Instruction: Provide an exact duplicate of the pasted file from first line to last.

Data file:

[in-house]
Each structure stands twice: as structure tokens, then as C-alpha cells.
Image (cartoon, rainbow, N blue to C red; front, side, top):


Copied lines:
[in-house]
Each structure stands twice: as structure tokens, then as C-alpha cells.
Image (cartoon, rainbow, N blue to C red; front, side, top):